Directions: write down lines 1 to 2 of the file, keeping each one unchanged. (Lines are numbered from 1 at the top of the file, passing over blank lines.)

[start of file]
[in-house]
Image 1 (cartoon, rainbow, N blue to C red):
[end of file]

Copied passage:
[in-house]
Image 1 (cartoon, rainbow, N blue to C red):